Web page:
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Sir Philip Green sells Arcadia stake for £500m

Sir Philip Green: set to offload percentage of Topman and Topshop

Sir Philip Green: set to offload percentage of Topman and Topshop

  • by HOLLY WILLIAMS
 

Topshop and Topman were today valued at £2 billion after retail tycoon Sir Philip Green sold a 25 per cent stake in the fashion chains.

The billionaire entrepreneur’s Arcadia Group, which also owns Bhs, Burton and Dorothy Perkins, netted £500 million after agreeing to sell the stake to American private equity firm

Leonard Green & Partners.

The high street magnate said the deal will help his group expand Topshop and Topman brands further across the US and into other overseas territories.

Topshop – popular with budget shoppers and fashionistas alike – has been steadily increasing its international footprint in recent years and has 615 franchised shops across 39 countries.

Green signalled a potential spending spree to come as he said the cash from the sale will remain in the Arcadia Group, leaving it debt-free and offering the “flexibility to look at other opportunities”.

He added: “This is a very exciting time for the Arcadia Group, with a clear strategy now in place for Topshop/Topman to become major global players.”

The deal follows months of talks with Leonard Green & Partners, which has a history of retail investments in the US, including organic food group Whole Foods Market, fashion chain J.Crew, Neiman Marcus luxury department stores and pet

products retailer Petco. In Arcadia’s recent full-year figures, Green said international Topshop stores were performing well, with its fledgling

Melbourne outlet on course for £15 million sales in its first year after record results.

Shops in Sao Paulo, Brazil, and Vancouver in Canada have also recorded strong opening performances.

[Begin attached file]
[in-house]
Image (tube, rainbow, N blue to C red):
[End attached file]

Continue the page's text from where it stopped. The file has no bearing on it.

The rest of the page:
But the wider Arcadia group saw like-for-like retail sales fall 3.2 per cent in the year to August 25 as it endured “very challenging” high street trading.

The sales disappointment was offset by moves to sell less

discounted stock, which helped improve margins and grow underlying full-year profit by 25 per cent to £166.9m from £133.1m the previous year.

Trading since the summer also picked up, with comparable store sales up 0.7 per cent, including VAT, in the 10 weeks of its new financial year.

Topshop started as Peter

Robinson’s Topshop in Sheffield in 1964, becoming a stand-alone store in the 1970s.

The chain has enjoyed unrivalled success in the UK and abroad in the past few years with the help of design collaborations with the likes of Kate Moss and Celia Birtwell.

It launched its first store in the US in New York in April 2009, which was followed by branches in Los Angeles, Las Vegas and Chicago.

Green has a fierce reputation and is known as the king of

British buy-outs.

Born in Croydon, his father died when he was 12 and he earned money helping out at his mother’s petrol station business before leaving school at 15. At 23 he borrowed money from the bank to set off on his own venture, importing jeans from Hong Kong.

But his big coup came in 2000 when he bought the ailing Bhs for £200m, multiplying its

profits within a few years.

He bought Arcadia, whose brands include Topshop and Burton, two years later for £850m, becoming a billionaire in record time.

Green made repeated unsuccessful attempts to take over Marks & Spencer, the company that employed him until he was 40.

He has two children with his wife Tina and is based in the tax haven of Monaco.

 

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